SUICIDE IN B FLAT
By Sam Shepard
October 20 through November 18
You are to be forgiven if the title, Suicide in B Flat, does not ring any memory bells. Written in 1976, and first performed at the Yale Repertory Theatre, Suicide has had only a few revivals of note and has been largely overlooked in lists of Sam Shepard’s plays. Wouldst that Suicide were the great forgotten masterpiece unearthed in the attic. Unfortunately it is more like the polyester brown and orange shirt, or the bell bottom trousers, now topping the pile under which it was buried: Fun at the time, dated now.
Shepard, the quintessential son of the sixties, dropped out of an agricultural major in junior college, went to Manhattan, waited tables in gritty jazz clubs, and followed the mantra of Jack Kerouac, “first thought, best thought.” This artistic antecedent of Blink let Shepard write rapidly, skip rewriting, and create 30 plays that were produced in New York before he was 30 years old. The 60s and the 70’s were the heyday of the Theatre of the Absurd. The story did not have to hang together; that was the point of the absurd; it needed to be bizarre, and the language had to dazzle. That he did well without rewriting.
The subject of identity is important in all of Shepard’s work. In Suicide, Niles, (Nick Toren) is a very successful musician, with an avid fan following. Miles Davis and Bob Dylan were the basis of his character. Niles’ problem is that the very grit of his jazz club beginnings from which his creativity flowed is long past. Idolized by fans he is writing the same thing over and over. It is hard to strike the true tone of the blues when success is follows you every day. Suicide in B Flat, was written at the cusp of Shepard’s prolific experimental phase and the commercial successes lay in his future. Shepard was wrestling his own identity/creativity daemons.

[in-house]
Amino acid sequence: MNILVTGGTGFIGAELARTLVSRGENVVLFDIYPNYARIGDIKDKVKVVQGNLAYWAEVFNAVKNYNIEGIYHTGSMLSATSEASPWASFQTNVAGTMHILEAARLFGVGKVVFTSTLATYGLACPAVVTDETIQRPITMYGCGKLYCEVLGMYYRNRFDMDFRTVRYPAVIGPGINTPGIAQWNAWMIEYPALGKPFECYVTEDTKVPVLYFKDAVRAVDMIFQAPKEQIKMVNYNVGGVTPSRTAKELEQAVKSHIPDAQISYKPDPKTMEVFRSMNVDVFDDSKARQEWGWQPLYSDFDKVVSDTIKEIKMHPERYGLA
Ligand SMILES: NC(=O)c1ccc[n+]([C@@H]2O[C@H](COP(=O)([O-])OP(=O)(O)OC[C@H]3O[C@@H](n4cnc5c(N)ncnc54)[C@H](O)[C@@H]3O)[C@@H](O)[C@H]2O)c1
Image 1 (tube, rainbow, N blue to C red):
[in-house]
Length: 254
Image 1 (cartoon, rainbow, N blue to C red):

What to do? Along comes Paulette (Cynthia Beckert): Muse? Spiritual leader? Brains of the Operation? She, along with her great bod, has the way to artistic rebirth: he should fake suicide and re discover the anonymity in the underbelly of life to reignite his creative spark … or something like that. Niles follows though still feeling tugged by the accoutrements of success.
The play opens in the basement of Niles’ house; there is a large cut out of a man’s body in the stage floor out of which rises a detective. You know he is a detective by the telltale hat, suit and well trimmed hair. He, and his similarly attired partner, in an absurd version of slapstick detective movies, are trying to figure out what has happened here. It becomes clear that the hole is the police outline of a victim. Amongst the clutter and junk is a box labeled “Send to my Mom when I’m dead.”
The fun, and the best writing in Suicide, is in the relationship between the miss matched detectives, Pablo (Patrick Hurley), the handsome smart one who turns out not to be, and Louis (John Ross Clark) the uneducated one who turns out to be smart … sort of. They are not very good at deducing stuff. They are soon joined by two of Niles’ hippy followers who somehow, unexplained, crawl and wander into the basement. As a matter of fact there is a lot of wandering in and out. And a lot of not explained. Niles and Paulette pass through again and again; she leading him on with her mumbo jumbo. He donns various costumes (read personas including Shepard’s signature cowboy getup); obviously he is still enthralled by his stardom and not quite ready to let go. Each of the six characters has a soliloquy or two, going off on his own variation on the theme, a jazz-like structure that did not ignite.
To try to summarize more is to bump one’s head into the bricks of the absurd. As much as searching for identity is a theme of Shepard’s, Niles’ search is unaffecting. As funny as some of the lines are, it is not enough to pull us in. Well turned phrases evaporate quickly leaving on to conclude that Suicide in B Flat would best be left in the attic, and marvel instead at the breadth of Sam Shepard’s career.